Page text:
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I shot the photo below of some brown pelicans flying over on a Nikon P950. They were against a bright sky, so the silhouette is not surprising. I imported the raw into Lightroom. I lowered the exposure -1.67, which looked right, then did highlights -100, shadows +100, whites up until something saturates which was +86, blacks down until something saturates which was +2, which is my usual process. There is a dark halo around each bird, which remains with any change to the highlight/shadow/whites/blacks sliders, though it is less noticeable around shadows -60 but back at shadows-100. It is less noticeable on the post to stackexchange than on my computer. What is going on here? The original is in Dropbox. enter image description here

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  • \$\begingroup\$ Are you working with a raw or JPEG file? \$\endgroup\$
    – qrk
    Dec 26, 2021 at 7:27
  • \$\begingroup\$ If you were working in jpg, I'd guess it's Active D-Lighting - see photo.stackexchange.com/q/93500/57929 idk for RAW. \$\endgroup\$
    – Tetsujin
    Dec 26, 2021 at 8:51
  • \$\begingroup\$ @qrk: the raw file from a Canon M6 Mark II. \$\endgroup\$ Dec 26, 2021 at 14:47
  • \$\begingroup\$ Your comment to qrk makes no sense. Which is it, a .NEF from the Nikon in your question, or a .CR2 from this newly-mentioned Canon? Post the original to somewhere that won't change the data, Dropbox etc \$\endgroup\$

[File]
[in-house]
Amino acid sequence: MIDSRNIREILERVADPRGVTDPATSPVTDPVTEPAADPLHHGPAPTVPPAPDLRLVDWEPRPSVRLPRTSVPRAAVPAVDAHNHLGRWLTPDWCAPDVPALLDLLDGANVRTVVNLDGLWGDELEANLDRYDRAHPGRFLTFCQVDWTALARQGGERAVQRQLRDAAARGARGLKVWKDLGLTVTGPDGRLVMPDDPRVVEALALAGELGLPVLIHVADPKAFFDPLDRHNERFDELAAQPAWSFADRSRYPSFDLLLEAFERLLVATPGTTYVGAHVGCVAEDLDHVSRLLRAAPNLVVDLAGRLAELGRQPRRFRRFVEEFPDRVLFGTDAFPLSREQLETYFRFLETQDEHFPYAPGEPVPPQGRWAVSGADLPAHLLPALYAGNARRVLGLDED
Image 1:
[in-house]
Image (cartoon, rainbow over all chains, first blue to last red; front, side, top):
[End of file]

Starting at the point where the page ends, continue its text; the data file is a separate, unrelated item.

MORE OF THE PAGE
– Tetsujin
    Dec 26, 2021 at 16:22
  • \$\begingroup\$ @Tetsujin: sorry, it is .NEF from the Nikon. I believe I saved it in Dropbox at dropbox.com/s/lksoq7orrrsbxp2/DSCN5700.NRW?dl=0 I tested the link and it worked for me. I tried to make it accessible to anyone with the link. \$\endgroup\$ Dec 26, 2021 at 19:15

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Operations that increase contrast often produces halos at high contrast edges.

Sharpening will also produce halos at high contrast edges.

When the halos detract from your intent, it can be a sign of over-processing the image. Though it is worth keeping in mind that intent can vary. Low resolution images tend to tolerate higher degrees of sharpening and contrast than high resolution images.

(Also, there appears to be some chromatic aberration on the edges as well when I zoom in. This is a result of both the character of the lens and not applying a mitigating filter in processing).

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